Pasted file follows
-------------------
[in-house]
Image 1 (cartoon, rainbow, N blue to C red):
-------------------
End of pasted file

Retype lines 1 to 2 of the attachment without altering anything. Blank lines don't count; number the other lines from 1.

[in-house]
Image 1 (cartoon, rainbow, N blue to C red):